We Want You To Be Our President – Ugandan Tells Akufo-Addo
Praying to exchange one country’s president for another is one supplication that may never see the light of day. As sidesplitting as that may be, that is what a Ugandan youth seems to be doing by making an appeal to Ghana’s President, Nana Akufo-Addo to swap places with long-serving Ugandan president.
The Ugandan global youth ambassador and student of Harvard, Seguya Hillary Innocent Taylor, during a Q&A session after President Akufo-Addo’s address at the Harvard Kennedy School of Government, told Ghana’s President directly in the face that citizens of Uganda were tired of their dictatorial leader, President Yoweri Museveni.
“I wish we could exchange you for our Ugandan president,” he said adding that Ugandans had had enough of their president, Yoweri Museveni.
Though the room erupted with cheers and applauds for the unflinching confidence of Taylor, the statement got the Ghanaian leader a bit unsettled― his face sparked with bewilderment.
Many may wonder what had accounted for the Ugandan student wanting Nana Akufo-Addo as president; it however was obvious that the Ghana’s president had been the first to leave Taylor wowed by a succinct speech.
In his speech, Ghana’s president had urged African leaders to use the enormous wealth the continent is endowed with, to develop and empower their respective youth populations.
With Africa possessing the largest generation of young people in history, President Akufo-Addo indicated that: “I place great hope in their capacity to shape the future of Africa and make Africa the lion that it was meant to be.”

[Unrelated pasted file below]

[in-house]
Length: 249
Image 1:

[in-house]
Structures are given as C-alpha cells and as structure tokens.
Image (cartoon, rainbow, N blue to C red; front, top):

He employed African leaders to develop strategies that would reap the demographic dividend that a youthful population offers, adding that “the population opportunity will not automatically guarantee us a future of growth and prosperity. Demographic dividends do not come automatically. They have to be earned.”
He continued: “No one needs to tell us that mass unemployment in Africa, especially among her youth, is a ticking time bomb. The so-called Arab Spring showed clearly that the lack of employment opportunities can undermine social cohesion and political stability. With between 10 and 12 million youths joining the labour market every year, Africa has to pay maximum attention to job creation.”
Touching on the need to promote quality education that prepares young people for a future of opportunities, Akufo-Addo said, “That is why the Free Senior High School policy, instituted by my government two years ago, which is expanding dramatically, access to secondary school education for all of Ghana’s young people, is opening up greater and greater vistas of opportunities for Ghana’s young female population.
“Legislation is on its way to redefine basic education to encompass kindergarten up to the end of senior high school, and make it compulsory for all of Ghana’s children,” he said.
President Akufo-Addo also advocated the involvement of young people in decisions that affect them, explaining that Africa cannot talk about shaping the future without talking about the welfare and wellbeing of young people.
“It is important that Africa takes these ideas forward to harness the value of a youthful population, holding human rights, gender equality, development of human capital, and dignity at the centre of all our investments. Only by providing opportunities that open the future to all young people do we create a brighter future,” the President added.